Given the wildly-variable experience on current devices, my guess is that developers targeting Android will be pretty tough on minimum requirements. If at least sub-15 ms latencies become the norm on Jelly Bean devices, I could see making the 4.1 version of the OS a prerequisite, thus avoiding complaints from users when your app doesn’t behave as expected.
Jelly Bean in general promises some encouraging improvements: at last, we see a focus on hardware accessories, high-quality audio, and high-quality animation and high framerates. These are some of the things that make iOS so much fun to use and so satisfying to users and developers alike. Pundits have rightly echoed Apple in saying that software isn’t just about specs. But these aren’t just empty specs: they’re the concrete measurement of the qualities that people experience on a sensory level when using software.
I’m actually equally enthusiastic about visual changes, but on the sound side, 4.1 delivers a lot of much-needed functionality.
Some of this is more consumer-oriented, but here’s the full list:
• USB Audio support, exposed through the Android Open Accessory Development Kit
• Multichannel audio over HDMI (Android-based surround sound installation, anyone?)
• Media codec access at the platform hardware and software level (with lots of cool low-level features)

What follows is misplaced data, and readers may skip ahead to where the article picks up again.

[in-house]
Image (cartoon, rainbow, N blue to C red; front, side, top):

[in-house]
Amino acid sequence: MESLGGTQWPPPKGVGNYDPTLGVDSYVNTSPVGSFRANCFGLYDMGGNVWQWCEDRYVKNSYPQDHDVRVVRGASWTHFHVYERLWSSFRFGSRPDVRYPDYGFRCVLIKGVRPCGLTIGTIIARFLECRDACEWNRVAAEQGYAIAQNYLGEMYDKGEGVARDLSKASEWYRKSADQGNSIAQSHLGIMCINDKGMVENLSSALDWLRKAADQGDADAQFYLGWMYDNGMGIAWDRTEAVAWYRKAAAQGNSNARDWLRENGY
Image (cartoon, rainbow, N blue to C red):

• Audio record triggering
• Audio preprocessing
• Audio chaining, which means (among other things) support for seamless playback
• Media routing (a bit closer to what Apple does with AirPlay)
Out of the list, of course, what’s interesting to us musicians is really HDMI multichannel and USB audio. I’ll be looking into how USB audio is implemented, whether they do USB audio class support as on iOS, and – just for kicks – whether USB MIDI support is possible.
All of this is described in the Jelly Bean overview, though developers will want to go ahead and grab the SDK for further detail.
For you developers out there, OpenSL is a big deal. (And users, just … trust us on this. You’ll soon be experience better Android apps as a result.)
Peter Brinkmann is the principle developer of libpd. For those of you just joining us, libpd is the free and open source embeddable version of Pure Data that now runs across desktop and mobile OSes. It actually is core, vanilla Pure Data, not a fork, but provides additional support around that core for making it easier to use Pd patches inside other apps. Peter has been working hard on OpenSL support – and has found reason to be excited about it coming.